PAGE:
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REVIEW ARTICLE
Year : 2016  |  Volume : 18  |  Issue : 2  |  Page : 179-186

Carbon Monoxide Poisoning


1 Classified Specialist (Marine Medicine) INHS Dhanwantari, Port Blair, India
2 Senior Advisor (Marine Medicine) IHQ MOD, New Delhi, India

Correspondence Address:
Kamal Mishra
Classified Specialist (Marine Medicine) INHS Dhanwantari, Port Blair
India
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Source of Support: None, Conflict of Interest: None


DOI: 10.4103/0975-3605.204476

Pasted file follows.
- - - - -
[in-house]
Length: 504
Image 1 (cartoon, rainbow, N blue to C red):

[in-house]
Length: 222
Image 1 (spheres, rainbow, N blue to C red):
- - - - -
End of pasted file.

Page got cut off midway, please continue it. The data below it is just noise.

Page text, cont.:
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Introduction: Carbon monoxide is known as the silent killer, being colorless, odourless, and tasteless. Initially non-irritating, it is very difficult for people to detect Carbon monoxide is a product of incomplete combustion of organic matter due to insufficient oxygen supply that prevents complete oxidation of carbon to C02. During World War II, Nazis used gas vans to kill an estimated over 700,000 prisoners by carbon monoxide poisoning. This method was also used in the gas chambers ofseveral death camps. The true number of incidents of carbon monoxide poisoning is unknown, since many non-lethal exposures go undetected From the available data, carbon monoxide poisoning is the most common cause of injury and death due to poisoning worldwide. Clinical features and management: The signs of carbon monoxide poisoning vary with concentration and length of exposure. Subtle cardiovascular or neurobehavioural effects occur at low concentration. The onset of chronic poisoning is usually insidious and easily mistaken for viral prodrome, depression, or gastroenteritis in children. The classic sign of carbon monoxide poisoning which is actually more often seen in the dead than the living is appearing red-cheeked and healthy. Cherry pink colour develops in nails, skin and mucosa. In acute poisoning, common abnormalities of posture and tone are cogwheel rigidity, opisthotonus, spasticity or flaccidity and seizures. Retinal haemorrhages and the classic cherry red skin colour are seldom seen. Different people andpopulations may have different carbon monoxide tolerance levels. On average, exposures at 100ppm or greater is dangerous to human health. Treatment and prevention: The mainstay of treatment is 100% oxygen administration until the COHb level is normal When the patient is stable enough to be transported, hyperbaric oxygen (HBOT) should be considered This treatment is safe and well tolerated Public education about the danger of carbon monoxide, with emphasis on safety in the home and workplace, is the key to effective prevention. This could be achieved through a media campaign when risk is greatest, Le. during the winter. Close liaison between public health physicians and leaders of building, gas and home heating industries is a prerequisite for an effective prevention strategy.


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